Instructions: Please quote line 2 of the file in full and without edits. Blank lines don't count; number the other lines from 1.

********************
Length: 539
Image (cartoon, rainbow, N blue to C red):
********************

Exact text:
Image (cartoon, rainbow, N blue to C red):